That respect has hardly been mutual. Iran’s uranium-enrichment plants continue to hum. Its missiles can now reach Western Europe with longer range vehicles on the way. And when Mr. Ahmadinejad clearly says he envisions a world without Israel, many refuse to take him at his word.
Instead, we are reminded that we feared a Soviet bomb in the 1950s and a Chinese bomb in the 1960s and we survived. We have even learned to live with a nuclear North Korea and Pakistan. And while the Iranians have been killing Americans for decades—243 Marines in Beirut in 1983 along with countless IEDs that have been exported to Iraq—we tend to sweep these issues under the rug.
Even the apocalyptic views of its leaders—who believe and await the return of an imam from the 13th century for the day of judgment for all infidels—are ignored, as are those “Death to America” rallies that have been a constant in Iran from the start of the Revolution.
For all the talk about Israel that comes out of Tehran, few seem to remember that the major focus of Iran’s bile since 1979 has not been the Little Satan (Israel) but the Great Satan (the United States).
All of which leads us to the question we should be asking. What if the Iranians mean what they say?
Mr. Kozak is the author of “LeMay: The Life and Wars of General Curtis LeMay” (Regnery, 2009).


Nuclear Posture Review

April 15, 2010

The prevention of nuclear terrorism and proliferation is at the top of the US policy agenda. With the Strategic Arms Reduction Treaty with Russia, the Nuclear Security Summit and the review of the Non Proliferation Treaty as central elements to a broader approach to deterrence, this Nuclear Posture Review is paving the way for a reduced role for nuclear weapons and eventually, a world without nuclear weapons.

The NPR is an interagency document calling for investments for warhead life extension, credible modernization to sustain the nuclear infrastructure and a continued national nuclear deterrent.

Northern Distribution Network

April 14, 2010

In the Spring of 2008, Taliban insurgents in Pakistan were attempting to choke off NATO’s only ground supply line that runs from the southern port of Karachi north and into Afghanistan. Attacks on ground convoys were becoming a near daily event. The overland route through Pakistan, given the name “Apache,” for obvious reasons, breaks into two points that flow into Afghanistan, at the “Chaman gate,” in the south that goes to Kandahar, and at the “Torkham gate” in the north, also known as the Khyber Pass. That proved to be a very tenuous ground line of communication with all of the eggs in one basket.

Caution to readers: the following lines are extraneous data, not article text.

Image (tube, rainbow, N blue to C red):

The Bush administration was considering doubling the effort in Afghanistan to counter the resurgence in violence. Bush’s policy and strategy review was eventually handed off to the Obama administration with the underpinnings of a comprehensive logistical plan that afforded the Obama administration a new start with Russia and the Central Asia states. This Northern Distribution Network diversified the resupply efforts into Afghanistan, increased European, Russian and Central Asian participation in the support for the effort and secured improved relations throughout that region.

At that time, US relations with Russia were icy and Kyrgyzstan was making noises about access to Manas Air Base. Alternative supply route solutions were a must. Discussions about troop increases in Afghanistan led to the conclusion that the supply routes in Pakistan would be insufficient if the number of forces doubled.